On the Otford track we met a Kokoda trekker who encouraged us to try a very steep descent from Sublime Point into the back streets of Austinmer just south of the National Park. Four of us set off early and soon discovered there were ladders to climb down and stairs to go down and more stairs and more stairs and then we realised all those stairs going down only meant one thing - we had to ascend them one at a time to return to the car. This trip was eventful as we found out that one of our trekkers was afraid of heights - now that's not great at the top of one of eight ladders. Being brave and strong Kate didn't pause too long and made it to the bottom of the ladders all be it with adrenalin pumping through her system and her legs like jelly. Now this walk was only eventful when we stumbled across a tent in a clearing with alot of animal type groaning noises coming from it and the tent moving rhymically we were pretty sure there was something special happening inside so we passed quickly and hoped we hadn't interrupted. Unfortunately on our return some 20 minutes later they were still going - we reflected they must be young and have no kids. We would have laughed all the way to the top but it was so hard we didn't make a sound just breathing and walking was an effort. We enjoyed that walk so much 3 of us returned the following week and to our relief no campers were around.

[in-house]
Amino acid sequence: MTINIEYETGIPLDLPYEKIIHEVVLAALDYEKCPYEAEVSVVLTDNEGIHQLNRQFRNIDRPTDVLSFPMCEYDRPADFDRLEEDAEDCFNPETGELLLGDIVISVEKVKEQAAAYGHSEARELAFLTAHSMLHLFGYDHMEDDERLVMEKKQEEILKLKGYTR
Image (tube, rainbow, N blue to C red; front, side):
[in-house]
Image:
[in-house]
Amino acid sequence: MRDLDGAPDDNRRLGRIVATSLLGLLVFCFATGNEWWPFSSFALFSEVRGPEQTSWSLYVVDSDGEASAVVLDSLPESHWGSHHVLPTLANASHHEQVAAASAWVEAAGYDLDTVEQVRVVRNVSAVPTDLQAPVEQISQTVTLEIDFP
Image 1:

With 5 weeks to go we have two more walks planned - the sandhills for a tough 90 minutes with boots and full day packs on we surely will look a sight. Our last walk together - hopefully with the full team will be followed by a farewell dinner. We want to have a chance to thank our families friends and partners who know we are crazy but encourage us to take this challenge. We also know they will acknowledge our efforts and wish us well on our adventure.
So on the 23rd July take a moment to think of us as Carl Shenae Dave Nicole Roz Holly and myself as we set off to complete the Kokoda Track and wish us well in your prayers for the next 8 nights until we return to civilisation, a hot shower, clean clothes, an abundance of food and a well deserved drink or two.
*Disclaimer: Individual results vary based on agreed goals. Click here for details.